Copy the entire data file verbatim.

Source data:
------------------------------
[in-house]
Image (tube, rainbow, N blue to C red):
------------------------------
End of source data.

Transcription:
[in-house]
Image (tube, rainbow, N blue to C red):